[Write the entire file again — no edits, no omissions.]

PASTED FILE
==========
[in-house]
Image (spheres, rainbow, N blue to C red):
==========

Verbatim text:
[in-house]
Image (spheres, rainbow, N blue to C red):